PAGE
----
291 F2d 220 Smith v. United States

291 F.2d 220

Joe Bradley SMITH and Myron Parker, Appellants,
UNITED STATES of America, Appellee.

No. 17198.

United States Court of Appeals Ninth Circuit.

May 31, 1961.

Harry E. Claiborne, Las Vegas, Nev., for appellants.

Howard W. Babcock, U. S. Atty., and Raymond E. Sutton, Asst. U. S. Atty., Las Vegas, Nev., for appellee.

Before HAMLEY and MERRILL, Circuit Judges, and WALSH, District Judge.

MERRILL, Circuit Judge.

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This appeal is taken from conviction of the crime commonly known as bank robbery. 18 U.S.C. § 2113(b).1 It challenges the sufficiency of the evidence to establish two elements of the crime: (1) the taking and carrying away of property; (2) the victim's lack of consent to the taking.


The government's principal witness was a teller at the Bank of Nevada at Las Vegas, Nevada. He testified that he had known both appellants; that Parker had been a fellow employee at the Bank of Nevada and that he had known Smith when both of them had worked at a Reno bank. The evidence leading up to the theft, as he related it, was as follows:


On the morning of March 31, 1958, while he was driving to work, appellant Parker passed him in his automobile and signaled that he wished to talk with him. He stopped and Parker stopped behind him. Parker came over to the teller's car, got in and they talked:


"He asked me how chances were to rob my window. * * * I said I thought it would be pretty good. He asked me how much would be in my cash drawer and I told him I thought between eighty and ninety thousand dollars. * * * He said he wasn't coming in to rob it but that another guy would and we would meet at noon to talk about it some more."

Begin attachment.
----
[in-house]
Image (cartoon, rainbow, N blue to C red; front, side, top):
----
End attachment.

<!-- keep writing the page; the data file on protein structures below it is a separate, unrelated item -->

The teller agreed to that arrangement and then reported the matter to the bank manager. He was told to go ahead with the arrangements and that the proper authorities would be notified.


At the noon meeting appellant Smith was present. It was agreed that Smith would come to the teller's window and hand him a one hundred dollar bill to be changed. The teller then would hand Smith a bundle of money which he would have prepared in advance. About two o'clock Parker telephoned the teller and advised that Smith would be in in about fifteen minutes. The teller reported to the manager and then took all the money in his cash drawer, $65,000, put it in a money bag and put the bag in a locked inner vault. Smith arrived, presented a one hundred bill and asked for change. The teller gave him change and then walked back to the inner vault, about sixty or seventy feet from his window, unlocked it, got the bag, returned to his window and put the bag on the counter in front of Smith. Smith put his hands on the bag and started to pull it toward him. He moved the bag a distance of two or three inches according to the teller; four to six inches according to another witness. At that point he was placed under arrest.


Appellant contends under these facts that a taking and carrying away of property has not been shown. He asserts that the money bag was not, under these circumstances, taken from the possession of the teller into the possession of Smith and carried away by Smith.